Elizabeth Clyde Close is one of the streets of London in the N15 postal area.
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Seven Sisters’s name is derived from seven elms which were planted in a circle with a walnut tree at their centre on an area of common land known as Page Green.
|VIEW THE SEVEN SISTERS AREA IN THE 1750s|
The 1750 Rocque map is bounded by Sudbury (NW), Snaresbrook (NE), Eltham (SE) and Hampton Court (SW).
Outside these bounds, the 1750 map does not display.
|VIEW THE SEVEN SISTERS AREA IN THE 1800s|
The 1800 mapping is bounded by Stanmore (NW), Woodford (NE), Bromley (SE) and Hampton Court (SW).
Outside these bounds, the 1800 map does not display.
|VIEW THE SEVEN SISTERS AREA IN THE 1830s|
The 1830 mapping is bounded by West Hampstead (NW), Hackney (NE), Greenwich (SE) and Chelsea (SW).
Outside these bounds, the 1830 map does not display.
|VIEW THE SEVEN SISTERS AREA IN THE 1860s|
The 1860 mapping is bounded by Brent Cross (NW), Stratford (NE), Greenwich (SE) and Hammermith (SW).
Outside these bounds, the 1860 map does not display.
|VIEW THE SEVEN SISTERS AREA IN THE 1900s|
The 1900 mapping covers all of the London area.
In his early seventeenth-century work, Brief Description of Tottenham, local vicar and historian William Bedwell singled out the Page Green
walnut tree for particular mention. He wrote of it as a local ’arboreal wonder’ which ’flourished without growing bigger’. He described it as popularly associated with the burning of an unknown Protestant. There is also speculation that the tree was ancient, possibly going back as far as Roman times, perhaps standing in a sacred grove or pagan place of worship.
The walnut vanished at some point, leaving the circle of elms. These were first recorded as the Seven Sisters in 1732.
The location of the seven trees can be tracked through a series of maps from 1619 on. From 1619 they are shown in a position which today corresponds with the western tip of Page Green at the junction of Broad Lane and the High Road. With urbanisation radically changing the area, the ’Seven Sisters’ had been replanted by 1876, still on Page Green, but further to the east. Contemporary maps show them remaining in this new location until 1955.
The trees formed a well-known landmark. So much so that a new thoroughfare connecting Tottenham to Camden Town in 1840 was named Seven Sisters Road.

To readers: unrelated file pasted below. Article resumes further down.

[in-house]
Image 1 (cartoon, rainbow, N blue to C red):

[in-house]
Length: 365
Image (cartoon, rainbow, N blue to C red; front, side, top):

In 1852, the originals were in a sorry state and new trees were planted by the seven daughters of a Mr J McRae. These elms lasted just 20 years, when a newspaper described "six venerable and withered trunks" (perhaps the stumps of the originals were still hanging around). A new circle was planted on 2 March 1886 when local siblings called Rosa, Alice, Amy, Edith, Julia, Georgina and Matilda Hibbert — the only family in Tottenham to contain seven sisters and no brothers — did the honours.
Over the years, the sisters returned to view their handiwork. Matilda’s was the only one that wouldn’t take. According to a later interview, the sister "pointed to her withered tree and said, ’I’m the doomed one’". Alas, her premonition came true. Mathilda passed away in 1900. Her six siblings lived on, regrouping at the elms each year. Five trees had died by 1928 when three of the surviving Hibberts were recommissioned to "make good the deficiency". The six sisters continued their reunion until at least 1937, bringing the original commemorative brooches and spades used in 1886. One of these spades can still be seen at the Bruce Castle Museum in Tottenham.
*L1491308014L*Further plantings took place in 1955, courtesy of sisters named Basten. Perhaps because elms had proven too fragile for the ground, this iteration opted for Italian polar, and the trees were planted in two clumps rather than a ring. The most recent ceremony drew on the digging skills of five local families, all blessed with seven sisters. This time hornbeams were chosen. The still-standing ring was installed at the centre of Page Green in 1996. You can view it today, although there’s no obvious plaque or information board recalling the centuries-old tradition.
The current ring of hornbeam trees was planted in 1997 in a ceremony led by five families of seven sisters.
Seven Sisters station was constructed by the Great Eastern Railway on its Stoke Newington & Edmonton Railway line and opened on 22 July 1872. On 1 January 1878, the GER opened a branch line, the Palace Gates Line, from Seven Sisters station to Noel Park and later that year to Palace Gates (Wood Green) station.
The first section of the Victoria line opened on 1 September 1968 serving Seven Sisters, although a shared entrance and interchange facilities with the surface station were not opened until December 1968. The original GER entrance to the station was situated in West Green Road at the north end of the surface station, but the new combined entrance was opened in Seven Sisters Road at the south end on the site of a former wood merchants yard, connecting to the west end of the Victoria line platforms. The original (1872) entrance was closed at that time.
The section of Victoria line between Seven Sisters and Finsbury Park stations is the longest between adjacent stations in deep level tunnels on the London Underground network. During the planning phase of the Victoria line, thought was given to converting Manor House into a Victoria line station and diverting the Piccadilly line in new tunnels directly from Finsbury Park to Turnpike Lane via Harringay Green Lanes, but the idea was abandoned because of the inconvenience this would cause, as well as the cost.